In these frightening days, we must seek our consolations where we can; and one of mine, over the last month, has been running a private contest to log the most idiotic remark made by one of the battalions of ‘security experts’ on standby at times like this to provide vitally needed, life-sustaining, 24-hour fatuous commentary on all major broadcast news outlets.
There was the lady from the prestigious think-tank on Sky News who said, quite late on 7 July, that the bombings were ‘clearly a major incident’. There was the ‘risk management consultant’ on The World Tonight who said that shooting people in the head, à la Jean Charles de Menezes, was not necessarily intended to kill them. There is the Home Office minister, Hazel Blears, but she has had to be disqualified on suspicion of cheating. Like the old East German Olympic women’s shot-putting team, she is simply too good.
No: the Spectator-engraved handcuffs go to the former anti-terrorist branch officer who suggested on Newsnight the other week that the police should be granted their latest wish, to detain anyone they like without charge for three months, because they ‘needed to allow Muslim suspects time to pray’.
This naked power-grab masquerading as concern for the victims’ religious rights struck me as the very essence of New Labour. It is also an example of Britain’s exciting new post-7 July streamlined legislative process. The Upper House (the Association of Chief Police Officers and the heads of the intelligence services) proposes a measure, and a short time later the Lower House (Mr Blair) does it, or something similar.
So, perhaps as soon as next month, we will have, in the Prime Minister’s words, a ‘significant extension’ of detention without trial bringing us close to, or actually into parity with, apartheid-era South Africa. We will have a criminal offence of ‘condoning terrorism’ anywhere in the world which appears, from the few details available, to be defined so broadly as to have covered support for Nelson Mandela’s ANC, had it been in force at the time. A more contemporary example covered by the new law might be supporting opponents of the despotic regime in Uzbekistan, who have also been described, at least by the Uzbek government, as terrorists.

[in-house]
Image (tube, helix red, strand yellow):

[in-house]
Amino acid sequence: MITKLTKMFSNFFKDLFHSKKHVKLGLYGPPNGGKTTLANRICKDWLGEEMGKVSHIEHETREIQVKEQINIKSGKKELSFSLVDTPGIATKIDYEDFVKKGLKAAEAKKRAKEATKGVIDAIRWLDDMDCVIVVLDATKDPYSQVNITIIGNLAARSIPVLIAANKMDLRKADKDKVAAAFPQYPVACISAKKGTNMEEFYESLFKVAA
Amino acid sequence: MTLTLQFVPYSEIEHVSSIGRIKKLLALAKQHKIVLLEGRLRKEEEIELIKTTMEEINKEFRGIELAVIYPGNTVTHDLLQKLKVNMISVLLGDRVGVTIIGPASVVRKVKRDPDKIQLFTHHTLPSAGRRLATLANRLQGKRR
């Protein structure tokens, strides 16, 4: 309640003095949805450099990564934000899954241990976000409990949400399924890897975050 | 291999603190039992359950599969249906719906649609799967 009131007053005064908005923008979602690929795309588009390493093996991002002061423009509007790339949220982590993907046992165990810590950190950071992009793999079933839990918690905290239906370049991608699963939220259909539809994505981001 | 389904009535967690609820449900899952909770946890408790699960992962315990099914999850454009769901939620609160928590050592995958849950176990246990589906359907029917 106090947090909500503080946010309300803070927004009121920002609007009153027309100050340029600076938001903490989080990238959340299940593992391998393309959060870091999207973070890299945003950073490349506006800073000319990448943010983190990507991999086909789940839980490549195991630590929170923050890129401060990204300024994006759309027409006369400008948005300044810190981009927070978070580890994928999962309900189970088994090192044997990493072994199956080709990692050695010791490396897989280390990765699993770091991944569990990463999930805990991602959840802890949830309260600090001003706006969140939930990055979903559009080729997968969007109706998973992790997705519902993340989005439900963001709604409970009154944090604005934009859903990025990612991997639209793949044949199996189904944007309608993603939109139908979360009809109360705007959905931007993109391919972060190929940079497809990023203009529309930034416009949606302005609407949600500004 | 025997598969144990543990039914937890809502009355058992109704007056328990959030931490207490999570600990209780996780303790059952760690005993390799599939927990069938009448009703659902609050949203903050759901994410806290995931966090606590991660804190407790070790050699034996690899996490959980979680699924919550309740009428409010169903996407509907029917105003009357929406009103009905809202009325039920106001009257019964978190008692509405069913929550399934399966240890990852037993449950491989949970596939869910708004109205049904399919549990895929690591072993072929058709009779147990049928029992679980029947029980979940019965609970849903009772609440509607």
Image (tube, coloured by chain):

The ‘consultation document’ containing these proposals turns out to have been produced without much consulting even of the Home Secretary, Charles Clarke, let alone the other political parties. The policy picture is still being coloured in as I write by anonymous briefings to the papers. In short, after a brief period of calm, measured leadership, respectful of the democratic proprieties, the Prime Minister has made a depressing return to New Labour business as usual.
Yet the most dispiriting aspect of all is how eagerly Mr Blair’s 12-point plan has been greeted by much of the public and by those parts of the political spectrum whose constitutional duty is to check and scrutinise. These measures merit the beadiest scrutiny. Why is a single successful terrorist attack, killing just over 50 people, enough to persuade us to abolish habeas corpus, a cornerstone of our liberty? Why was this major step not deemed remotely necessary in the United States, a country attacked far more devastatingly than Britain? Why does this country so fear freedom and so willingly embrace repression?
Perhaps it is because we believe the threat to us is new, unique and terrible. If so, we are wrong. The threat is serious, but it must be kept in proportion. It is true that Islamist terrorists lack the political constraints of our old enemies, the IRA. Undeniably, they want to kill us in very large numbers. But all the evidence suggests that they are simply no longer able to do so. Their attacks may be more lethal than the IRA’s were, but they are far less frequent.
The new, virtual ‘e-Qa’eda’ of amateur, self-tasking grouplets which has arisen since the old organisation bit the dust in November 2001 is almost certainly incapable of mounting any attack as organised and sophisticated as 9/11, which was two years in the planning. Any list of al-Qa’eda-linked attacks, including the one published by Downing Street itself, shows a trend of declining sophistication and lethality. The homemade bombs of 7 July were a sign of weakness, not strength.
The phenomenon of suicide bombing is new and frightening. But last week’s revelation in the US (not denied by Scotland Yard) that the 7 July bombs were probably set off by mobile-phone timers raises at least some doubt over whether these were, in fact, suicide attacks. For obvious reasons, suicide bombers do not use timers. It is at least possible that some or all of the bombers were duped into believing that they would have time to escape before their devices exploded. If this was the case, it would not have made any difference to the death toll on 7 July, but it would mean that the general threat was less serious than our worst fears.
More broadly, those who support these new measures appear to be working under a fundamental misconception: that there is some sort of ratio, or in Mr Blair’s words a ‘balance’, between security and liberty; that the more liberty you have, the less security you have, and that the way to increase security is to reduce liberty. In fact, the relationship, if any, is exactly the reverse. Terrorism loves repression, hates fairness. Reducing liberty will make us all less safe, not more.